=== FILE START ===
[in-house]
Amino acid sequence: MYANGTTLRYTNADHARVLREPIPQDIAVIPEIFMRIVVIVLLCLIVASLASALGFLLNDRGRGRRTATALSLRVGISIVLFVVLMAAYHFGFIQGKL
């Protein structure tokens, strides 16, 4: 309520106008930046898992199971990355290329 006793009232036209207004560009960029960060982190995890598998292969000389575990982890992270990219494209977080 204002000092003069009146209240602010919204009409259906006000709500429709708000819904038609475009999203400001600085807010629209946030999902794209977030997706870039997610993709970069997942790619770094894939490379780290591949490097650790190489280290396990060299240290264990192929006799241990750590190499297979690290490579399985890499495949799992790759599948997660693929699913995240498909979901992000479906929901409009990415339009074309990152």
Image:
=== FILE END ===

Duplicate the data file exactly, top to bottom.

[in-house]
Amino acid sequence: MYANGTTLRYTNADHARVLREPIPQDIAVIPEIFMRIVVIVLLCLIVASLASALGFLLNDRGRGRRTATALSLRVGISIVLFVVLMAAYHFGFIQGKL
């Protein structure tokens, strides 16, 4: 309520106008930046898992199971990355290329 006793009232036209207004560009960029960060982190995890598998292969000389575990982890992270990219494209977080 204002000092003069009146209240602010919204009409259906006000709500429709708000819904038609475009999203400001600085807010629209946030999902794209977030997706870039997610993709970069997942790619770094894939490379780290591949490097650790190489280290396990060299240290264990192929006799241990750590190499297979690290490579399985890499495949799992790759599948997660693929699913995240498909979901992000479906929901409009990415339009074309990152």
Image: